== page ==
First of all, there’s probably no reason to worry about this! There are a number of normal things happening in the background on your home network, out across the internet at large, and between your cable modem and your ISP that make it look like there’s a ton of traffic even if all of your computers and equipment are turned off.
We’re assuming the lights you’re concerned with are the send/receive or “traffic” lights—not the power, uplink, or PC connection lights. Power should be on if the device is plugged in, uplink should be on and steady if you have a connection to your ISP, and the PC connection light should be on whenever there’s an ethernet cable to a computer or router. Remember, the send/receive light on your cable modem or router is just an indicator of activity—not how much. Here’s what’s probably going on:
Your ISP Is Checking That Your IP Address Is In Use
Even if all of your equipment is turned off and unplugged from your cable modem or router, you’ll still see some traffic coming from your ISP. Most frequently, your ISP is sending your cable modem ARP requests, or attempting to see if the IP address they’ve assigned to you via DHCP is still in use. If it is, they won’t touch it. If they detect your cable modem offline, they’ll assign it to their block of available addresses to give out to users coming online who need IPs. How frequently that process takes place varies from ISP to ISP, but most large service providers do this automatically, and do it very frequently. Photo by shaymus22.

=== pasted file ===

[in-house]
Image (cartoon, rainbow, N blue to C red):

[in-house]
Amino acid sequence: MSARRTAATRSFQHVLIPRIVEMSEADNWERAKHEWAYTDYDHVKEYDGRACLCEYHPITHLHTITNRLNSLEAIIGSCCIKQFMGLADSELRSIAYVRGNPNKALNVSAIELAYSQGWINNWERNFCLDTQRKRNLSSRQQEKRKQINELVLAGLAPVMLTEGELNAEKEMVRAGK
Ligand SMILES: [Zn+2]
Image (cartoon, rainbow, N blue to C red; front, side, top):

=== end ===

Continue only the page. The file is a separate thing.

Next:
Your ISP is Checking That Your Connection Is Healthy